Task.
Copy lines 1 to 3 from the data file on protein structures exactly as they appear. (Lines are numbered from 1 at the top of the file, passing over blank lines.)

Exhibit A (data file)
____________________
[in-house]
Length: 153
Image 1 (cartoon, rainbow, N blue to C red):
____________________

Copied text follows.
[in-house]
Length: 153
Image 1 (cartoon, rainbow, N blue to C red):